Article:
Welcome to the September 2015 edition of The Director’s Dilemma.
This month our protagonist encounters a situation where a diligent CEO has overstepped the mark but only because the board is not fulfilling its duty. I hope you enjoy the dilemma and its suggested responses.
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Wayne is a new member on the board of a national sporting peak body. He has a background that includes high level competition in the sport and also an awareness of governance from being in business. This is his first NED role.
His induction and recruitment were largely handled by the CEO and his only meeting with the Chairman pre-appointment was perfunctory. It appeared that the chairman assumed Wayne was skilled and interested in the role and that he understood how to behave as a director. The conversation focused mostly on the sport and competitions plus Wayne’s background and acquaintances.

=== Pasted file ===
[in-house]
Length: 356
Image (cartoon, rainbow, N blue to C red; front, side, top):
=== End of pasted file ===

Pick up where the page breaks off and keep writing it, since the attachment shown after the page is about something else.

The board meetings are well run and the board is supported by a very professional secretariat; Wayne is concerned, however, that the attention given to financial and compliance reports is scant, the discussions of strategy and positioning the sport for better access to grants and corporate funding are light-weight and the directors really want to associate with the players and talk about teams, selections and results.
Wayne has started to put forward some challenging questions about the long term viability of the sport and the threat of a government move to favour sports with mass participation at a personal level rather than elite achievement at an international amateur level.
Now the CEO has proposed another board recruit and Wayne has realised that board succession planning in this organisation is run by the CEO. He is happy that the CEO is acting in the best interests of the organisation and approves of the individual proposed but is aghast at the poor governance and, even more so, at the board’s apparent unconcern.
Without biting the hand that fed him, how can Wayne establish better governance over the board succession process?